Depends on the winsheild, curved glass most won't even try to do it themselves, not even the tried and true hardcore "fathers of the wheel". Curved glass goes to the glass shops where they can have the headache. Flat windsheilds have a few different methods from pinch and break to regular glass cutting and if you have the equipment a glass shaping table lathe like the folks who build artful stained glass windows. I have within the past few months have been introduced to the wet stone used to polish and shape thick peices of plexiglass, I havn't attempted trying it with real curved glass from a old junker, but plan to sometime in the future.
When I chopped the top on my 34 chevy P/U, I made a careful template out of heavy cardboard, made sure it fit the new opening exactly, and took my (flat) windshield and template to a local glass shop. They cut and polished the edge while I waited. Great job! Easy and FAST, no screw-ups! The price you ask???? $23.59!
Save the headache, call a few shops, and ask....
I have talked to a few people and they took thiers to a monument ingraver. They ingrave those head stones with some type of small sand blaster. They use that to cut the glass even curved tempered glass. Just a thought.
there are as many methods floating around as there are people doing them. the three major ways are cutting, grinding, and blasting. all three work and the major fault for loss is heat, glass expands with heat and any fracture or flaw (sand pit,rock chip,stress ect) will cause it to crack or run as we call it.
I've tried most methods over the years and my favorites I wouldn't reccomend for the home builder because it takes a feel and touch that is developed over year of screwing up LOL.
I have never tried sand blasting but I think it is probably tha easiest and maybe the safest. don't get in a hurry work it for a while then walk away and let it cool.
A local sandblaster said years ago he had a 90% success ratio and lately its dropped to below 10% and he won't even try anymore.and he's a pro!!
glass hasn't changed in centuries. but the manufacturing of windshields has in several ways
the main thing you have to look for is stess or more like pre-stress. but its not something you can see or feel. the way a windshield is made up involves taking two pieces of annealed or raw glass just like a window in your home and heating it to a tempature that allows it to bend over a form after it is precut to shape. the two pieces are over two forms that ideally allow one piece to fit inside the other. and then they are laminated together and give them the added strength and the lamination keeps things together for the safety factor. in real life the two pieces don't match exactly and so they bend slightly when laminated and that is the pre-stress. if that stress area is hit by a pebble going down the road the break sounds like a rifle crack. when you try to cut one it will do the same thing.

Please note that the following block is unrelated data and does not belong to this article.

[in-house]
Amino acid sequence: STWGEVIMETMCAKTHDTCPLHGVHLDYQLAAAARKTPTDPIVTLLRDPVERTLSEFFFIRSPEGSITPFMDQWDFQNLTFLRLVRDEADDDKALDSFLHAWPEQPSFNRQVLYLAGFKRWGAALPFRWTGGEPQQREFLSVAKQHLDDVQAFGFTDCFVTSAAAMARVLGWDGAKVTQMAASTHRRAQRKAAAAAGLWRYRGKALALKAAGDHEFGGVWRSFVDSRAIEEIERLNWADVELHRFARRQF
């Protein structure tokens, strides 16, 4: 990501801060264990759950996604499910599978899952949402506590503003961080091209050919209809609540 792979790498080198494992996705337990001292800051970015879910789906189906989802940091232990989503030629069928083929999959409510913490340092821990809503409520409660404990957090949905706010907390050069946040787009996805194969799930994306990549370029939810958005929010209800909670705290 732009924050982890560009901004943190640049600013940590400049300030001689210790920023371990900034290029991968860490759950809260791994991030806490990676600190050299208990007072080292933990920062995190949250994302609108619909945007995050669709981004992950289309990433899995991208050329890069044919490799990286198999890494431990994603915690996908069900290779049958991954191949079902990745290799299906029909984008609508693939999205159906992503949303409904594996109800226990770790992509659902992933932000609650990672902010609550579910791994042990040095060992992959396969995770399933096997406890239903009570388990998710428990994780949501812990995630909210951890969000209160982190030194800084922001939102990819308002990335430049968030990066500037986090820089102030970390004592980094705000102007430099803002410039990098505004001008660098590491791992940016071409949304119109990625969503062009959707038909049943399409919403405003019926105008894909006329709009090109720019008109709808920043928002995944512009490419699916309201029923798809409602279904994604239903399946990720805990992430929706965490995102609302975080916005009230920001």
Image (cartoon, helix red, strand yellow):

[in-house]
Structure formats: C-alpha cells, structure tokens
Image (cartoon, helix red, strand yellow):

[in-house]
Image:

there are some brands of windshields that seem worse than others so if I try to cut one and lose it I try a different brand for the second try. 67-72 chev pick ups are very critical this way. I hope this sheds a little light and I'm sure others will ad there sure fire methods.
my theory is the older thicker windshields were stronger but the new thinner are easier to cut if not pre stressed
Most industrial places use a wet blasting technique that works everytime and doesn't heat the glass, I have had perfectly round holes blasted through 1/2" glass using this method and it works like a charm. Basically it's idiot proof, usually the places that make headstones for cemetaries have these machines.
BTW tempered glass cannot be cut by this method, the blasting media will just rebound.
We parted out a Caddy one time and I cut the roof off of it with a Sawzall...right across center of the windshield and all. The funny thing is I didn't care if the windshield broke or not, but I cut about the top 6" off and it never cracked at all. Now if I was trying to cut it for a project...craaaaaaack!
Oh well, that's why they call it a Saw'z All.